Simple syrup is often combined with lemon juice or lime juice to make a sweet-and-sour mixer. To lighten the sugar and carb load, you can make your own sugar-free sweet and sour mixer using artificial sweetener.

Cutting Carbs from Liqueurs

Liqueurs are sweet alcoholic beverages that always contain sugar. Examples are Bénédictine, crème de cacao, crème de menthe, and Cointreau. 

  • Replace the flavor of liqueur by using other flavorings. For example, a drop or two of orange extract can substitute for an orange liqueur such as Grand Marnier or Cointreau. Peppermint extract can take the place of peppermint schnapps. Then use a sugar substitute to replace the sweetness and enough water to make up for the liquid needed.
  • Replace liqueur with an equal volume of sugar-free syrup, such as those in the DaVinci or Torino brands. These syrups come in an array of flavors, even including liqueurs like amaretto, crème de menthe, and Irish Cream.
  • Use flavored spirits such as citrus-flavored vodka as the base of your drink rather than adding liqueur for that flavor. Be aware that the spirits may have a higher alcohol content than the liqueur they're replacing.

Carbs in Other Cocktail Ingredients

Small amounts of bitters, an alcoholic preparation that contains botanical ingredients, are often used in cocktails. A tablespoon of bitters usually contains 5 to 7 grams of carbs.

Vermouth is a flavored fortified wine used in the classic martini and other cocktails. Dry vermouth contains about 1 grams of carbs an ounce, whereas the sweet type contains about 4 grams an ounce.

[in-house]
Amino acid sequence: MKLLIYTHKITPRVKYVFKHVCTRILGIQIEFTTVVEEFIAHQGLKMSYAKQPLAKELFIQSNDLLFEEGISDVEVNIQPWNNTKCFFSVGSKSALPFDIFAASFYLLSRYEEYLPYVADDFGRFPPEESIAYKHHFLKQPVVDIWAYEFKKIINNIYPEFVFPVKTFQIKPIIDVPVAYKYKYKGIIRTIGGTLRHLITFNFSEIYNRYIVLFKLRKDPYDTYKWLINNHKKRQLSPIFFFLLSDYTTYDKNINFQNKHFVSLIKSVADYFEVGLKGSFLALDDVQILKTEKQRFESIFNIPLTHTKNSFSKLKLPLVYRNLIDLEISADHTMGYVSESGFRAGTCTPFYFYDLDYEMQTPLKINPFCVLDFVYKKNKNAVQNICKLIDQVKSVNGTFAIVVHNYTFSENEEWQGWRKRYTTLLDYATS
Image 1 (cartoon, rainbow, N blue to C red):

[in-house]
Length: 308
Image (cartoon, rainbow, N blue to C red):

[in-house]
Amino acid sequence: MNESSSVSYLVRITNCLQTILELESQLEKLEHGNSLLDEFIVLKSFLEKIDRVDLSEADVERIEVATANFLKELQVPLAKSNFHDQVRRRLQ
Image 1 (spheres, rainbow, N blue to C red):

Sugar-free or Low-Carb Cocktail Recipes

These recipes are lower in sugar and carbohydrates:

  • Sugar-Free Margarita Recipe: The traditional margarita is hard to pass up when you're enjoying Mexican food, but most of them are very high in sugar. This version has just 6 grams of carbs.
  • Low-Carb Cosmopolitan Recipe: This festive cocktail normally includes lots of sugar from cranberry juice and liqueur. 
  • Bloody Mary Recipe: Get a serving of vegetables in your flavorful brunch cocktail. This recipe is appropriate for phase two of the South Beach Diet and includes notes on how to adjust carbs for other low-carb plans.
  • Sugar-Free Whiskey Sour Recipe: Replacing the usual sugar-laden mixers will reduce the calories and the carbs.
  • Low-Carb Collins Recipe: Pre-made Collins mixers have a fair amount of sugar. This recipe can be used for a lower-calorie and lower-carb Tom Collins or vodka Collins.


Bottles of fruit liqueurs lined up
Peter ten Broecke / E+ / Getty Images